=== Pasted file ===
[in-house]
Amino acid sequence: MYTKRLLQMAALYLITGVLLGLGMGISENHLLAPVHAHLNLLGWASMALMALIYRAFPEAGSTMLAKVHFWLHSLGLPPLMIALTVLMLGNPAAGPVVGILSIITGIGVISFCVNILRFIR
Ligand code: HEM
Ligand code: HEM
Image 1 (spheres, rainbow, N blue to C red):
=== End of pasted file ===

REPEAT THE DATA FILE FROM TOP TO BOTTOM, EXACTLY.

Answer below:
[in-house]
Amino acid sequence: MYTKRLLQMAALYLITGVLLGLGMGISENHLLAPVHAHLNLLGWASMALMALIYRAFPEAGSTMLAKVHFWLHSLGLPPLMIALTVLMLGNPAAGPVVGILSIITGIGVISFCVNILRFIR
Ligand code: HEM
Ligand code: HEM
Image 1 (spheres, rainbow, N blue to C red):